Construction Factoring

Cash flow is tight in construction. Payments come slowly, and that makes it hard to sustain a business – much less grow it. To combat this problem, there are a number of legal tools available, such as prompt payment laws, mechanics lien laws, and retainage laws, to name a few. There are some business-oriented tools available, too. One such tool is construction invoice factoring. Factoring can be an intimidating topic, but at its core, it couldn’t be simpler.

What is Construction Factoring?

Construction factoring allows a subcontractor to borrow against their future receivables. Factoring is a process in which businesses (in construction – typically subcontractors) obtain cash advances for their invoices. When factoring a construction invoice, a construction company will assign its invoice to the factoring company, and in exchange, the factoring company will provide the construction company cash on the spot.

How do you Factor Construction invoices?

First, construction invoice factoring requires that a party providing work agrees with a factoring company to factor their invoices. Typically, a factoring company will agree to pay out 70-80% of the value of the invoice to the subcontractor well before payment would have otherwise been received. Then, the bill becomes the factoring company’s burden to collect. Once that factoring company is paid for the subcontractor’s work, the factoring company will pay the subcontractor that remaining 20-30% minus the factoring company’s fee.

Types of Construction Factoring

Generally, there are ways to factor construction invoices – spot (one-time) factoring, and contract factoring (factoring all progress payments under the entire contract).

Spot Factoring

Spot factoring refers to a “one-off” situation. When spot factoring, a construction business is factoring a specific invoice in order to float the cash they need right then. Spot factoring might make sense where the business generally doesn’t have a lot of cash flow problems, but a specific event or problem job causes a hiccup with financials. Spot factoring construction invoices tends to be more expensive than contract factoring, and it’s really designed to get a company out of a bind.

Contract Factoring

Through contract factoring, cash will be provided in exchange for each progress payment, much in the same way as spot factoring (but on a larger scale). Generally, the rate that the factoring company charges will go down when a larger number of invoices are in play. When utilized for the entire life of the contract, factoring construction invoices can assure steady cash flow for the duration of the job. Every time an invoice for a progress payment goes out, the construction company can get their hands on most of the cash at an earlier date.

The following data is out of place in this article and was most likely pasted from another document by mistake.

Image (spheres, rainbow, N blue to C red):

Why do Construction Companies Factor Their Invoices?

Construction payments come slowly. By factoring invoices, construction companies are able to obtain payment for most of their invoice 20, 30, even 40 days earlier than they would otherwise. Plus, as long as a subcontractor’s factoring company gets paid in full, the subcontractor will only lose a relatively small percentage of the invoice when it’s all said and done.

Let’s look at some of the specific reasons that make construction factoring worthwhile for some construction businesses…


Let’s Talk Cash Flow:


Get in a Bind With Payroll & Overhead

We mentioned it above – cash flow can be erratic in construction. Unlike other industries, payment doesn’t come right after work is complete – and it’s not uncommon for payment to come months afterward. That means it’s often hard to keep cash reserves to smooth out payments for payroll and overhead. Employees, rent, and other bills can’t be paid at the same irregular schedule your customer makes payment. Thus, by factoring construction invoices, a large portion of the outstanding invoice can be paid up front which might be enough to float payroll and overhead.

Want to Bid on Larger Jobs

Cash comes in at irregular intervals but goes out at a steady pace. That make sit can be hard to grow a construction business. Taking on larger jobs can really stretch a subcontractor thin. But, without taking on bigger jobs, how else can the business grow? Some construction businesses (understandably) use factoring as a shortcut for growth.

Want to Bid on More Jobs

Much like the above, when a contractor or sub wants to expand their business, that may require bidding on a larger number of jobs. However, bidding on more jobs also means working with companies beyond the normal customers. When working with new customers, its natural (and healthy!) to be skeptical. By factoring construction invoices, some of the risks of slow payment can be hedged.

Need Cash to Buy Equipment

When construction businesses need new equipment, whether it be to grow the business or to replace something broken, it takes cash. If the business doesn’t have the reserves to shell out for new equipment, factoring an invoice or two might help create enough wiggle room to get it done. That way, the business won’t have to mortgage its assets. Which brings us to the next subject…

Construction Invoice Factoring vs. Going to the Bank for a Loan